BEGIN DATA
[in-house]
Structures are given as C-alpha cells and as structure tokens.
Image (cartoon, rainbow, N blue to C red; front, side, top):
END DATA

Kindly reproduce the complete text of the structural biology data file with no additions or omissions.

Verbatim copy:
[in-house]
Structures are given as C-alpha cells and as structure tokens.
Image (cartoon, rainbow, N blue to C red; front, side, top):